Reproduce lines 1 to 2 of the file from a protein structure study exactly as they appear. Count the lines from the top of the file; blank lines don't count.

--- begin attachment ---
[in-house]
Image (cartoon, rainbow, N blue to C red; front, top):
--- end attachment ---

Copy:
[in-house]
Image (cartoon, rainbow, N blue to C red; front, top):